He kills the ambulance driver, and makes his way into Haddonfield, the town where the movie takes place, to search for Laurie’s daughter – and his niece – Jamie.
Cut to Halloween night, and Jamie is off trick-or-treating with the babysitter. She is spotted by none other than the serial killer and overall bad person, Michael Myers.
After she is separated from the babysitter, Michael chases after her and attacks her. She escapes with help from Dr. Loomis and the police. But Jamie learned that good things don’t last, especially when you’re being chased by a serial killer.
Michael returns to attack them, killing a bunch of people, including police officers, in the process. But eventually, the good people prevail and Michael is shot down a mine shaft, never to be seen again. Right?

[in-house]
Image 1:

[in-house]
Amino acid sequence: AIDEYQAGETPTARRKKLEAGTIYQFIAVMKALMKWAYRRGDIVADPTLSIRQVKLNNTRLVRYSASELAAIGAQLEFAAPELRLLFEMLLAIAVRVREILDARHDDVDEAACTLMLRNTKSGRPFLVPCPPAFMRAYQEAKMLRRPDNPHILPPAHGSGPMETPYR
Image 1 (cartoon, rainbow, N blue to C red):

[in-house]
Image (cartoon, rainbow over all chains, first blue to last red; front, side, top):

But before we get into Michael’s next appearance, the final scene of the Halloween 4 film is one that we must talk about.
It shows Dr. Loomis dropping off Jamie and her foster mother, Darlene, off at their house after the shocking events of the night. As Darlene is running a bath for Jamie, she is attacked by her foster daughter.
One of the last things you see in the film is a stoic Jamie, standing on top of the stairs with scissors in her hand and blood on her Halloween costume.
This scene is particularly symbolic, as it is very similar to when Michael murders his own sister in the first film – it shows that Jamie is going down the path as her mad man uncle.
Next Appearance: Halloween 5: The Revenge of Michael Myers (1989)
Played by: Don Shanks
Clearly, there is some sort of Michael Myers curse that has followed the actors, since no actor has managed to reprise the role of Michael Myers for more than one movie.
The fourth Halloween film ends with Michael being shot down a mine shaft. The fifth begins with Michael Myers in a coma, being nursed back to health by a hermit.
But of course, he spends the entire year out and wakes up precisely on October the 30th, with just enough time to cause the right amount of havoc and destruction to make a hit box-office movie.